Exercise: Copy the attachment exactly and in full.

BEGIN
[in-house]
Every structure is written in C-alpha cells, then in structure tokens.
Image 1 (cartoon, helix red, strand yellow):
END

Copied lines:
[in-house]
Every structure is written in C-alpha cells, then in structure tokens.
Image 1 (cartoon, helix red, strand yellow):